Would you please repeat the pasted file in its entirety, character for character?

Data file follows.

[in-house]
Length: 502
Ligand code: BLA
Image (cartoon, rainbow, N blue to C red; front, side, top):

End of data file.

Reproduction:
[in-house]
Length: 502
Ligand code: BLA
Image (cartoon, rainbow, N blue to C red; front, side, top):